AFEJUKU REPLIES NNOLIM, SOME OF OUR OLD CRITICS ARE TIMID
Matted lawns. Placid corners. Tangy dusky air. Moment of repose. Staff quarters, Uniben, Benin City. Nighttime finds Professor Tony Afejuku going out with the flow, but it doesn't necessarily mean he can't get batty for a while. He fizzes with laughter and picks fellow writers to shreds.
Professor Charles Nnolim was in the news recently for describing new Nigerian writers as timid, but Afejuku doesn't buy that timid doctrine. 'For him to say that, he goofed,' it sounds like a tang. 'You don't say Nigerian writers are timid. I respect him, but he went too far in that one; it was criticism gone too far. Nigerian literature is still too young, even though it is still rudderless, I must say.' And with mischief in his voice, he adds: 'Our criticism is rudderless, too. You can even say that some of our old critics are timid.'
Nnolim's prescription of utopian literature doesn't impress him either, because there are more pressing issues to address in our literature than reveling in fantasies. Apart from that, it takes generations of writers to establish a distinct literary tradition.
'It took the West hundreds of years to get the stage where they are now. Our literature is still very young. We should learn to crawl before we walk. We shall get there, but we should not be in haste. If he likes, let him write utopian criticism,' he sniggers.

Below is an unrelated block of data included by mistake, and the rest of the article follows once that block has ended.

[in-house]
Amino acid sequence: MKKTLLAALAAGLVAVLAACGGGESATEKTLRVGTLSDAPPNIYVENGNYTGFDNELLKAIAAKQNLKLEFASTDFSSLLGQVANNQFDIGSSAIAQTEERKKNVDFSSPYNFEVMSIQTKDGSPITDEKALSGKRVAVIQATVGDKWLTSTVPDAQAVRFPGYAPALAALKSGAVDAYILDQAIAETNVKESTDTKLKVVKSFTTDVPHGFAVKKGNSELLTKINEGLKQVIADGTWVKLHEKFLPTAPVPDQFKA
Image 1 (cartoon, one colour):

Rather than accept the 'Fleshly School' categorization by Professor Nnolim on new Nigerian literature, Afejuku prefers 'Wine Literature'. What informs the new terminology? He begins with a throaty laughter, 'Without wine, you can't enjoy the flesh. I call it wine literature or the wine school. This is more acceptable than the flesh.'
Before the hoopla rent the air few months ago about his plagiaristic writings, the late Chris Okigbo enjoyed a legendary status in African poetry. His haunting tropes and variegated symbols were flaunted as a masterly archetype. It took a Chimalum Nwankwo for many to have a rethink at that hype. A poet himself, Afejuku has followed the argument. Does he still hold Okigbo in high esteem and does he still retain the status of the best Nigerian poet?
'No poet is better than the other,' he responds, sotto voce, 'because every writer has his or her own vision that is peculiar to him and has different approaches to language and styles. If you are talking of vision, of course, the vision of some writers may be sharper and more enduring than others.'
When Chinweizu et al came out with the controversial book, Toward the Decolonization of African Literature (I980), they pilloried great writers like Wole Soyinka, JP Clark and Chris Okigbo for their fidelity to Western literary tradition (Euromodernist mimesis) and getting wedded to turgid writing styles (Hopkins disease), while praising Chinua Achebe for his accessible diction and narrative subtleties.
On the flipside, Femi Osofisan gave the troika a good barracking, too, for hawking such a view. Both parties, from different perspectives, have certain validity. Afejuku recalls those instances to buttress the point that you can never be definitive in placing a particular writer above others. 'Every writer writes as his passion directs him,' he intones.